Find out all about the Braillists Foundation’s new Braille for Beginners On-Demand programme in this archive of the launch event which took place on Monday 10 October 2022.
There are two well-known braille keyboards on the market today, the Orbit Writer and the Hable One. What are the similarities? What are the differences? Which one would suit your needs best?
On Tuesday 4 October 2022, we were joined by a user of each keyboard. They told us more about how their preferred keyboard works and why they like it, and we learnt how they compare against each other.
For further information please visit the Braillists Foundation Media Page.
In our first Masterclass of 2022, Matthew Horspool tackled the hows, whys and wherefores of braille embossers: choosing them, setting them up and making the most of them. The session covered:
- The purpose and function of an embosser and why you might want one
- Different types of embosser
- Different types of paper
- Connectivity options
- The user interface
- The relationship between embosser and computer
- The role of translation software
This session was recorded on Tuesday 18 January 2022. For further information please visit the Braillists Foundation Media Page.
It’s a question we get asked all the time – how can I read braille more quickly? To answer it, we were delighted to be joined on Tuesday 19 October by Kit Aronoff of Temple University, Philadelphia, Pennsylvania and founder of Main Line Accessibility Consulting. Kit has a background in elementary education and, using principals of teaching literacy to emerging readers and articles from the National Federation of the Blind, she has developed a series of strategies which are sure to benefit even the most competent of braillists.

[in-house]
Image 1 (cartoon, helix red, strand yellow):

Our Chairman Dave Williams led the discussion, and he started by asking Kit to describe her braille learning journey.
- Braille Together Mingle is organised by the American Council of the Blind. For more information, email [email protected]
What is computer braille? Are there different flavours? What are all the signs? Why would you want to use it? Is it still relevant now that we have UEB?
The latest occasional Masterclass from RNIB’s braille expert James Bowden answered all of these questions and more.
This session was recorded on Tuesday 21 September 2021. For further information please visit the Braillists Foundation Media Page.
“Most of us who know braille were taught it.” It sounds like such an obvious statement – so obvious, in fact, that it seems appropriate to conclude that the world has an abundance of braille teachers, and the methods and techniques that they use are mature, uniform and understood by everyone working in the field. Presumably, approaches that work well have been iterated over time, those that haven’t worked so well have been abandoned, and the entire process has been well-documented so that future teachers can learn from the mistakes of the past.
The reality is less clearly defined, although certain concepts which have withstood the test of time especially well have become accepted as common knowledge. Pre-braille skills, for instance, feature regularly in discussions about teaching braille, as do the differences between learning braille by touch and by sight and teaching braille to children and adults.
On Tuesday 29 June 2021, we explored this topic in more detail in a live panel discussion with three braille teachers:
- Kirsten Roberts is a life-long braille user, a Qualified Teacher of the Visually Impaired (QTVI), and Deputy Braille Tutor for the Mandatory Qualification for Teachers of Children and Young People with Vision Impairments offered at the University of Birmingham. In addition to her university work, she regularly teaches braille to both primary and secondary-aged children.